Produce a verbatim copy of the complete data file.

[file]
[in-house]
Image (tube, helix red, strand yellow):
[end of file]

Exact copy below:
[in-house]
Image (tube, helix red, strand yellow):